The Common Good

I Hate It When All You Can Do Is Pray

I'm not friendly with the white-shirted drug dealers who work the corners near my house yet, but at least they acknowledge me as a neighbor now, instead of looking me over as a prospective buyer or an undercover cop. It's not fear that keeps me away from them, I think, but rather cold, hard realism. Until they fall, those hardcore guys simply are not "get-able" for anything less viscerally exciting than street life. I hate to break it to all those Christian rappers out there, but loving God and loving people does not qualify in that category.


The fact that I don't walk up to those guys doesn't mean that I don't keep them in mind or pray for them when I walk by. On the contrary, I am fascinated by what goes on, and careful to notice if and when the kids we know start hanging around with the wrong people. And I am always on the lookout for Shareef.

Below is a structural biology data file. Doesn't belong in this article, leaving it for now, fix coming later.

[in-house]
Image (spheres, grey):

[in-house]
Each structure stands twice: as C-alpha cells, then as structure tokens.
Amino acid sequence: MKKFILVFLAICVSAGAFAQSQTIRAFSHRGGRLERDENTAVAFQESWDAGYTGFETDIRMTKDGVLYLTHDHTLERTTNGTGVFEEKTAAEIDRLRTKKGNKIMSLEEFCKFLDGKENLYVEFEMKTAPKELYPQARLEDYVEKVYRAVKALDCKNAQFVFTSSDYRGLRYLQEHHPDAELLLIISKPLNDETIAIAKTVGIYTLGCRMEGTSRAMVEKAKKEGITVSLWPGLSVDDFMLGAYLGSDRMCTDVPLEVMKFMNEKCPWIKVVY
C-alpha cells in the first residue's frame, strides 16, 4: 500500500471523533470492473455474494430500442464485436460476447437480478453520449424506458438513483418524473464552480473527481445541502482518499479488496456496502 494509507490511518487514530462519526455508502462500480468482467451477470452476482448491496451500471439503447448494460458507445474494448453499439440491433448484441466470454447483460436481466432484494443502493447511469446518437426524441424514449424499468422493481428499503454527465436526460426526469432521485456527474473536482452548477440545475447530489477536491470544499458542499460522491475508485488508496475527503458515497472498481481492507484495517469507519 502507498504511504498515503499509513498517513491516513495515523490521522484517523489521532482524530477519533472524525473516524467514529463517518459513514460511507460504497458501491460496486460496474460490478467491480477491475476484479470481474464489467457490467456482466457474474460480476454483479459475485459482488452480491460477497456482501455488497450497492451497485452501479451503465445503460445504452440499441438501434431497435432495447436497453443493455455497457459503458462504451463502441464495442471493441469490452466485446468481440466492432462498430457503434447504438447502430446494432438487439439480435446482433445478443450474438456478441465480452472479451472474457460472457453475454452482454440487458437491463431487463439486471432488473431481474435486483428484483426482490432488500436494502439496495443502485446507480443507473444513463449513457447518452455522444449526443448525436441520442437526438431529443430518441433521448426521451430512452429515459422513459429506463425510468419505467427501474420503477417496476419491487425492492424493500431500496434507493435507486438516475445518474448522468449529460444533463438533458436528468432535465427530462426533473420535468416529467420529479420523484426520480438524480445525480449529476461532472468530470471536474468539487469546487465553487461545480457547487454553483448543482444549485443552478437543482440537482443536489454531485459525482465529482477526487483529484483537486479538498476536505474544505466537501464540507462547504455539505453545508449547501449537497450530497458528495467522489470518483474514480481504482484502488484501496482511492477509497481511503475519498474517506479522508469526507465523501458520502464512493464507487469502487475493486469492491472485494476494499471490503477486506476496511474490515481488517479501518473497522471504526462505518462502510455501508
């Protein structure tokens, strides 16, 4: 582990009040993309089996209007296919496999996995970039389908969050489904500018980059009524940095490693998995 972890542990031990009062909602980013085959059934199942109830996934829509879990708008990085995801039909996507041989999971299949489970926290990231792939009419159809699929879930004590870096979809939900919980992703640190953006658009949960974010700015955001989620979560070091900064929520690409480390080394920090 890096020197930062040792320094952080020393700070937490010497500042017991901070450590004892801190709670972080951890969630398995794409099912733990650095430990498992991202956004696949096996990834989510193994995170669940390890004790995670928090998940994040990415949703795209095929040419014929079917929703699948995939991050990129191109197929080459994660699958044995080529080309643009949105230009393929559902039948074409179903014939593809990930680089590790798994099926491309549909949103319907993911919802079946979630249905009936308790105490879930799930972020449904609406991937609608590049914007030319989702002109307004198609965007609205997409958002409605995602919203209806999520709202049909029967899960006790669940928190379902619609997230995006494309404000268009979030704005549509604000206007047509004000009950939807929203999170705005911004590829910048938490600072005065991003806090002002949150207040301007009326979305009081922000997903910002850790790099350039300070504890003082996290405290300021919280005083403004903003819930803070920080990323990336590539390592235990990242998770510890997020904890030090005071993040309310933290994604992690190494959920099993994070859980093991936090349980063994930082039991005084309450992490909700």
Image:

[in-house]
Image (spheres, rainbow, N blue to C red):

I first saw him on a drug corner two years ago, when we moved here. Shareef is 16 now, but back then he was 14 and looked even younger. He always seemed more like the dealers' mascot than one of them, but he was a hard-looking mascot at that, and he was out there all the time.


Everybody told me Shareef was a bad kid, so it wasn't surprising that I only got to know him when he tried to sneak into one of our by-invitation-only dinner parties. I turned him away from that one, but, against my better judgment, I invited him for the following week and, to my great surprise, he turned up again, right on time.


As soon as I greeted him, he handed me his cell phone and told me his grandmother wanted to talk to me, to make sure he was welcome. We'd never met, but as soon as I confirmed his invitation, she spoke directly.


"You can feed him if you want, but don't turn your back on him for a minute, or he'll steal from you," she said wearily. "I don't care if it's a church, he'll steal or he'll get in a fight if you don't watch out. Understand, I love the boy

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